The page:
Santoro is very suspicious, though, because Britten can't explain why he picked this particular building to investigate. Later, her suspicions deepen when she receives a phone call from a man claiming to be the Gemini Killer -- a call that came from Britten's home phone. Santoro decides that Britten is the copycat, and Captain Harper asks him to hand in his weapon.
An hour later, Freeman confronts Britten. He doesn't believe Britten is a copycat, but he does point out how wierd Britten has been acting since returning to work. He hands Britten a set of crime scene photos, and says that if Britten is going to pull another rabbit out of his hat, now is the time. Britten does: a napkin at the warehouse has a green exclamation point logo that Britten remembers seeing spraypainted, in red, on the vacant storefront he checked out with Vega in the real world. While the killer was making his phone call to Santoro, Britten had been to the vacant storefront in his dream. It was the same, except there was no spraypainted red mark.
It turns out that the green logo is from the Bay Street Coffee Shop chain, which has six locations in Los Angeles, all in proximity to a park. How to pick which one? Britten looks back at the crime scene photos from the Griffith Park murder. Santoro is in the background of one, holding a coffee cup with the Bay Street Coffee logo. She had the cup when Britten met her in Brentwood. The coffee shop in Brentwood is in the lobby of the Meridian Hotel -- where Santoro is staying, and where the killer has been stalking her. The Gemini Killer has targeted Santoro for his next victim.
When Santoro doesn't answer her cell phone, Britten is convinced that the killer has abducted her, and he's right. Freeman has the park nearest the Meridian, Aliso Canyon Park, sealed off, but the killer, using Santoro's FBI ID, is able to get past the police. Freeman and Britten head for Aliso Canyon Park. The killer is draining Santoro's blood and preparing to carve the Roman numeral into her abdomen, when he is interrupted by Britten. After a gunfight, the killer flees, and Britten saves Santoro. The killer gets away from Freeman.
In the hospital, Britten watches as Santoro's ex-husband and daughter come to visit her.
In the real world, Hannah is back from Portland, and Britten talks to her about the estimate -- and about his fear that she wants to leave him. She says she didn't tell him about it because she was ashamed that she couldn't cope with Rex's death the way he was able to. She doesn't want to forget Rex, though, and being with Britten helps her to remember him.
Britten tells his therapists, both the real Dr. Lee and the imaginary Dr. Evans, that he is willing to move with Hannah to Portland. However, in his dream, he'll be remaining in Los Angeles with Rex. Dr. Lee thinks that moving to Portland will weaken Britten's ability to maintain the reality of his dream, and that Britten will finally recognize it for the dream it is -- which means acknowledging that Rex really is dead. Dr. Evans predicts that Britten will fight against the loss of his "dream" of Hannah, but will eventually give in. Britten assures her that he will not. "This thing works because I make it work."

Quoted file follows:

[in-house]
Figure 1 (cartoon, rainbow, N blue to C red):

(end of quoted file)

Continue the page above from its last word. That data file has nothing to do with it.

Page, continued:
In his dream, Britten receives a call from the Gemini Killer. The killer broke into Dr. Evans' office, and now he knows about Britten's double lives. Unlike Dr. Evans, the killer accepts the reality of both worlds -- he sees Britten and himself as two of a kind, experiencing realities that other people can't understand. "Sweet dreams, Detective Britten. And speaking just for myself, I'd be very disappointed if you woke up."
As Dr. Lee points out, Britten's ability to maintain an entire internally consistent alternate dream world is based on his ability to constantly reinforce it by importing details from the real world. The two most obvious examples from "Oregon" are the Mountain Top moving company and the exclamation mark icon, both of which he imports into his dream to help him deal with the Gemini Killer case. However, this naturally raises the question of just how much reality there is to the Gemini Killer. Did Britten create him out of whole cloth?
I tend to think that there is a real Gemini Killer, and that Britten has been subliminally aware of him for the past twelve years. In his dream, Britten's subconscious brought the Gemini Killer to Los Angeles, and also brought Elizabeth Santoro, the FBI agent who, in the real world, tracked him down and shot him the year before. The Green World has always been a wish-fulfillment fantasy of Britten's and "Oregon" makes that particularly clear. While in the real world Britten is helplessly watching his marriage to Hannah slowly dissolve, in his dream Britten not only tracks the Gemini Killer to his lair, and almost captures him, he saves the life of the FBI agent who mistakenly thought she had killed him. And also, incidentally, Britten uses his dream Santoro to counteract Hannah's adoring descriptions of Portland; Santoro dismisses the city as a dreary place full of rain and hippies.
It is significant that Britten's conversations with his dream therapist, Dr. Evans, do not involve the Gemini Killer case, or indeed anything in the Green World. Instead, they talk about events in the real world: Hannah's desire to move to Portland, and Britten's willingness to accommodate her. Britten's subconscious knows that the events in the Green World aren't real, and don't ultimately matter (except to the extent that they allow Britten to deny the reality of his son's death). What matters is his marriage to Hannah in the real world.
Britten refuses to accept that one of his worlds isn't real, but his subconscious knows better. What's more, he subconsciously knows that his dream world is driving him slowly but surely insane. That's why Britten dreams of a phone call from his imaginary serial killer. "You're just like me," the psychopath tells him, and there can be no more chilling reminder of the danger Britten faces by refusing to accept reality. In the end, if he doesn't wake up and face the truth, he will become just like the Gemini Killer.
On the other hand . . .